At least the government has avoided the restrictions of the past such as curfews and SMS texting when it announced its latest Covid-19 measures on Friday afternoon. Perish the thought that it would end the farce of wearing face-masks outdoors. Our recently restored freedom to move about as we choose has remained intact, even though possession of a SafPass will be necessary to go almost anywhere; and at a hospitality venue we are prohibited from leaving our seat.

The unvaccinated, will need to have a 72-hour negative coronavirus test, which they will have to pay for from August 1. But they will be barred from certain places as the government has given the power to big venues to allow entry only to people that have been vaccinated.

These venues, mainly hosting wedding parties, were given an incentive for welcoming only the vaccinated – they could now host 450 people instead of 250 while outdoors 500 instead of 350. Presumably, the guests at these parties will not only be allowed to leave their seat but they will also be able to dance.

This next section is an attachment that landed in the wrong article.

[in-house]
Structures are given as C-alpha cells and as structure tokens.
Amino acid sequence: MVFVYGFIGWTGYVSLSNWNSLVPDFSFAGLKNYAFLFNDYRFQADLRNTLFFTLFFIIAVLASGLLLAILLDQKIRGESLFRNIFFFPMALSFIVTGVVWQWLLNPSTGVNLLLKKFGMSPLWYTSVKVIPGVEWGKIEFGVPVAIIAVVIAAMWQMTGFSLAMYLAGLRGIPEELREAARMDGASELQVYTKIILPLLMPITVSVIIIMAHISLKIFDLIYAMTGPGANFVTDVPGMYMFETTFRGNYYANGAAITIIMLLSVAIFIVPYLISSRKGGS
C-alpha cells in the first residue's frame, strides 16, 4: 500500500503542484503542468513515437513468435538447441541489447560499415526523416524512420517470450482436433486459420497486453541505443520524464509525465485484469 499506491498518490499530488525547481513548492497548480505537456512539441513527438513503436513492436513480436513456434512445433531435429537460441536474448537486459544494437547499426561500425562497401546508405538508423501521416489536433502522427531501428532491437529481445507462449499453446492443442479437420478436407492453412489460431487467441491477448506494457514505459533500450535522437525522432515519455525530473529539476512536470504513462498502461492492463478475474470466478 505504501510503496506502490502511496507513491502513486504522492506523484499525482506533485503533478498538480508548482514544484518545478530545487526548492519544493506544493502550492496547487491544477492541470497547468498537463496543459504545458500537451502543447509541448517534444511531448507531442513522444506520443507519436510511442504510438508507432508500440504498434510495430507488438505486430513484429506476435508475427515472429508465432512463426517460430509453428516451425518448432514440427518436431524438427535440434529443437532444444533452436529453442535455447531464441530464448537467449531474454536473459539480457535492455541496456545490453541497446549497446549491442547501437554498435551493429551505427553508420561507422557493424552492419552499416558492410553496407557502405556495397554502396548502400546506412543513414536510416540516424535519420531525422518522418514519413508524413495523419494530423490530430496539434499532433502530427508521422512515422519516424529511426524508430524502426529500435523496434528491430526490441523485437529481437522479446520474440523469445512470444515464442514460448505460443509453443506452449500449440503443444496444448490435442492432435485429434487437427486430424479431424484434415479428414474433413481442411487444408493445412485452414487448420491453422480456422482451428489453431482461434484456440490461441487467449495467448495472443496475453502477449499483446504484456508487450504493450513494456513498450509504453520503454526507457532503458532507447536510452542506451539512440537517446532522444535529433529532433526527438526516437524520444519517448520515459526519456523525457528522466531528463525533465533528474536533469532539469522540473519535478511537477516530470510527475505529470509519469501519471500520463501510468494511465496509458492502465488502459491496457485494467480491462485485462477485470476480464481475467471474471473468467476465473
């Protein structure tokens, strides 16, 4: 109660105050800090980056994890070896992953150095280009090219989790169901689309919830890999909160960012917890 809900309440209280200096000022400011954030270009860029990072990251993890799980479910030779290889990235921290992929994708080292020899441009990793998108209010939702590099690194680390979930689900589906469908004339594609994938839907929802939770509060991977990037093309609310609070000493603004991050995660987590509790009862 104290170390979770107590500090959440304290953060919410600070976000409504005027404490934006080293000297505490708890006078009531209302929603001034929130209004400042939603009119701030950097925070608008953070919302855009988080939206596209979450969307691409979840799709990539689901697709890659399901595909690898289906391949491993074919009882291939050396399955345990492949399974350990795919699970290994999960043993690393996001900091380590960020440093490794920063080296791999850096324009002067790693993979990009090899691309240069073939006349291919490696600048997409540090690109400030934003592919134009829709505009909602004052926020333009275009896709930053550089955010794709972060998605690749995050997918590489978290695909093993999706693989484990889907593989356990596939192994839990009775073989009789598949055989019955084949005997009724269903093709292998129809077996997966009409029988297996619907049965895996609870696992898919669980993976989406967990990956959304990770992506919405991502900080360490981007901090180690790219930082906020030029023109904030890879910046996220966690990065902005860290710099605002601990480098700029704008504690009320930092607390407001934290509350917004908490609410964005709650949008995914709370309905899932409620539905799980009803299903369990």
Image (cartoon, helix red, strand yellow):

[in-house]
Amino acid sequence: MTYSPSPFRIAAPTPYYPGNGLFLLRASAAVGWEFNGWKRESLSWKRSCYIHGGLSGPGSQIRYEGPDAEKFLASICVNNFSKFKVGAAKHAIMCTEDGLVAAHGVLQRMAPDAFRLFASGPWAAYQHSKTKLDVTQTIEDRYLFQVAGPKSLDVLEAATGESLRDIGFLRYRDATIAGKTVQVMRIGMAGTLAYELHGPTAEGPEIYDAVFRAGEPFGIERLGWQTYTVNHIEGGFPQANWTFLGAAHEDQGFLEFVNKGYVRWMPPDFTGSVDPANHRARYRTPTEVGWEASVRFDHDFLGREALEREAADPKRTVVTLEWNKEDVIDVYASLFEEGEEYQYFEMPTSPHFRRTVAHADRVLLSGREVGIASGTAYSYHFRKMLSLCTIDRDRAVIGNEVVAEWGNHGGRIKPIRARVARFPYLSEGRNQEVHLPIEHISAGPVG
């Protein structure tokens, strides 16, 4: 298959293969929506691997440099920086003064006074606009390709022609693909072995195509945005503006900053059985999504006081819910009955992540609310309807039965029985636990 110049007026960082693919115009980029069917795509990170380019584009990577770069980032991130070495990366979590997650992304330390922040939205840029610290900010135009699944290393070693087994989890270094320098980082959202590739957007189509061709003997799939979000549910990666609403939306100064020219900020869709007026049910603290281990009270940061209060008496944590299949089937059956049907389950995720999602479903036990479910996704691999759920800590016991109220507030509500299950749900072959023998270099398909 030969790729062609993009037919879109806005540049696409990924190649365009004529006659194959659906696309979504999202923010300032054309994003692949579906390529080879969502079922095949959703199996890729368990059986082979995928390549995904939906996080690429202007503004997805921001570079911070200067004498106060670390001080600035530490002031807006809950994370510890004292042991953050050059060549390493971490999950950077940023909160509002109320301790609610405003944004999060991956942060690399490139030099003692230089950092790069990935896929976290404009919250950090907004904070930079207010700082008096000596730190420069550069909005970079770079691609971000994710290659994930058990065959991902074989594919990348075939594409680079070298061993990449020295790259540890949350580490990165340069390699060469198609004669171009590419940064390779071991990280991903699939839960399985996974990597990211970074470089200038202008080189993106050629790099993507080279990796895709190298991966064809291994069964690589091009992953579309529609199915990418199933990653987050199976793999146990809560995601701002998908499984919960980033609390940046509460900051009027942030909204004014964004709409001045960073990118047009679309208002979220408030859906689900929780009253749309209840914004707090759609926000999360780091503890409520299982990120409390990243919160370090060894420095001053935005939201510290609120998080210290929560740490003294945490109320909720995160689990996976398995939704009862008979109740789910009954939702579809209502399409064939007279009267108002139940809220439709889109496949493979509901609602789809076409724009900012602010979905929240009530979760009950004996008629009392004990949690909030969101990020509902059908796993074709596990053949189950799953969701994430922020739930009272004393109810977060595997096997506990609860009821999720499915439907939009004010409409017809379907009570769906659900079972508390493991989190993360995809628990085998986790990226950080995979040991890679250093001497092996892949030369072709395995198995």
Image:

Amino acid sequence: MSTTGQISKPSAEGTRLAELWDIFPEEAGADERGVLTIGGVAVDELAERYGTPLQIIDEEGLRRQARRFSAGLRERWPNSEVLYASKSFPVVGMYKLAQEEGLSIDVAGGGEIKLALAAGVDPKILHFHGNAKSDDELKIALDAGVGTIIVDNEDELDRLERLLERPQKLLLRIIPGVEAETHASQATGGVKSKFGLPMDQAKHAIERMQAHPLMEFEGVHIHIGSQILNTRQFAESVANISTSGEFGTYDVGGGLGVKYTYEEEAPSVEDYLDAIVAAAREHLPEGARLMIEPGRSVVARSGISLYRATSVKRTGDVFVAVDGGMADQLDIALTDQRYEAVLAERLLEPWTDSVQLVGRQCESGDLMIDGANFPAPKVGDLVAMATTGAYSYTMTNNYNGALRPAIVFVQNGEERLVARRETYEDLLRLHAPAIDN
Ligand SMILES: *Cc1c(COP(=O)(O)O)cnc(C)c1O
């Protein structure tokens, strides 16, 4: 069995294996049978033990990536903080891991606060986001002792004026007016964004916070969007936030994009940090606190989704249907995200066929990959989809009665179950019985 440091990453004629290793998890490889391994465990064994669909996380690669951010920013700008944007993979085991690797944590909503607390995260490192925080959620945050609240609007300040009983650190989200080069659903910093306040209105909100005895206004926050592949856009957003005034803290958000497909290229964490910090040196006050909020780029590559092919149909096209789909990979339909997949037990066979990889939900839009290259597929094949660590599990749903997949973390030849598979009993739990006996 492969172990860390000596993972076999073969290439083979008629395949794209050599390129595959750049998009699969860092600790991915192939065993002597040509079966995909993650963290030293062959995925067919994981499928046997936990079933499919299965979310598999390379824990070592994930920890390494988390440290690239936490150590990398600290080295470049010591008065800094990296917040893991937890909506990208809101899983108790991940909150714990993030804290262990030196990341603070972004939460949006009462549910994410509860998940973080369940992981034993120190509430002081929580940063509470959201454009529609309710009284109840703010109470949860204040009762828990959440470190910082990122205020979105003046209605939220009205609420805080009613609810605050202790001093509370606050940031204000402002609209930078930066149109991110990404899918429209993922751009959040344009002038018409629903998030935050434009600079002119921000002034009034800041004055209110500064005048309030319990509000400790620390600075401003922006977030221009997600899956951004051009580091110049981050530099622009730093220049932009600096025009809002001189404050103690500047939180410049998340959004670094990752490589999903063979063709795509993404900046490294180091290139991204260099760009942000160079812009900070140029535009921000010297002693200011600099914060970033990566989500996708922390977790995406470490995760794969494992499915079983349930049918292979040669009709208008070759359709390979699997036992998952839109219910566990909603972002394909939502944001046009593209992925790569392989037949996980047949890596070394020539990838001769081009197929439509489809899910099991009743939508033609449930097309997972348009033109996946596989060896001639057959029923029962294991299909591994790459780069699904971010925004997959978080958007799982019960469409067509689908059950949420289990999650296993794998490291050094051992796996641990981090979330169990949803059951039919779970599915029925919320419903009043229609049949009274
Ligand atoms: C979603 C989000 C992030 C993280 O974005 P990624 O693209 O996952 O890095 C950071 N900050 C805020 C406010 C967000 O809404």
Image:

The government had been toying with the idea of making the SafePass compulsory but the big surge in cases in the last couple of weeks and the record numbers of new cases on successive days provided justification for its introduction; it is also the trend in most European countries.

It is probably also seen as an extra argument for people to get the jab. The inconvenience of having a rapid test in order to go to a restaurant or a club could become a reason for sceptical youngsters to have the vaccine.

Whether the SafePass will encourage more youngsters to be vaccinated remains to be seen. As for bringing down the number of daily cases it is difficult to see how micro-managing the situation – people remaining seated at all times, being prevented from dancing in clubs, showing a SafePass at every venue – will work.

Will the government hire more inspectors to carry out raids of clubs to check that people are not dancing? And will they check everyone in a club or restaurant to make sure they have a SafePass?

The government has recruited club, bar and restaurant owners, putting the onus on them to make sure their customers have a SafePass. And it will fine owners who allow someone without a SafePass slip through.

We can only express the hope the SafePass works in reducing the number of daily cases, because if it does not, we could be faced with new restrictions.